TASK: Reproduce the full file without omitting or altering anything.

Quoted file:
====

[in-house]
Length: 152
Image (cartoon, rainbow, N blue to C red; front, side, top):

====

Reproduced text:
[in-house]
Length: 152
Image (cartoon, rainbow, N blue to C red; front, side, top):